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12 Days of Triathlon Gear: Day 1 - Wetsuits

The holidays are a time to celebrate with friends and family, look back on the year's accomplishments, and give thanks for everything we have.  But they're also an excellent excuse to stock up on triathlon gear for next season!  Obviously, we're partial to our own Switch Aero System, but in this 12-part series we'll highlight and recommend some of the best triathlon gear that will get you to the finish line faster in your next race.

A triathlon wetsuit is an essential piece of equipment for any triathlete.  In addition to providing vital warmth in frigid waters, a triathlon wetsuit will help you swim faster by increasing your buoyancy and helping maintain a streamlined body position.  For some triathletes, a good wetsuit can save up to 10 seconds per 100 meters (or around two and a half minutes for an olympic triathlon swim distance)!

What to look for:

Sleeves or Sleeveless - For most people, most of the time a full sleeve suit is the obvious choice: you'll swim faster and stay warmer.  However, if the water temperature is warm to begin with, or if you don't like the restriction of a full-sleeve suit, a sleeveless model may be a better option.  They also tend to be a bit cheaper than full sleeve models.

Fit - This is the single most important consideration when buying a triathlon wetsuit. You can spend a million dollars on the fanciest suit in the world, and if it doesn't fit properly, it'll slow you down and feel terrible.  A suit should fit you very snugly, and it's not uncommon for it to be somewhat difficult to get onto your body, especially when dry (don't worry though, they're much easier to take off quickly, which is what matters).  It's incredibly important that you put the suit on correctly, and if possible, you should evaluate the fit in the water since it will feel dramatically different once there's a thin layer of water between your body and the swim suit material.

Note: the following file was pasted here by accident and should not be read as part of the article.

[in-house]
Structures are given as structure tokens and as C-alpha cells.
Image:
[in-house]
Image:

The suit should fit tightly into your crotch (a mild wedgie effect is good!), while the shoulders should feel loose and free of any restriction when raising your arms above your head. Don't forget to hike the material on the arms and legs upward toward your crotch/shoulders to make sure that the suit isn't pulling down on your arms or shoulders.  The fit around the neck should be snug to prevent water entry, but shouldn't feel like it's choking you (although this is another aspect that usually feels better in the water than on dry land).


HUUB Wetsuits - HUUB is a newer entrant on the wetsuit scene but has quickly garnered a large following.  Their suits are unique because they feature different "buoyancy profiles" depending on what type of swimmer you are.  If you're strong in triathlon swimming with good body positioning, you can choose the 4:4 type suit, which will provide even buoyancy.  If (like me) you are a typical sinking-leg triathlete who plows through the water like a barge, then the 3:5 type will provide extra buoyancy in the legs, letting you relax and swim in a more streamlined position.  We recommend the Aerious suit for men, and the Aura suit for women.

Desoto T1 Wetsuits - Desoto wetsuits are different than most manufacturers because they come in separate upper and lower pieces.  This is great because it lets you size the components separately if you happen to have a long torso and short legs, or vice versa.  It also makes them a bit easier to put on than many one piece suits, which definitely helps in a triathlon!  We recommend the Black Pearl collection as well as the Speedtube/Speedvest combo for warmer water.

Be sure to checkout the next installment of our 12 Days of Triathlon Gear series.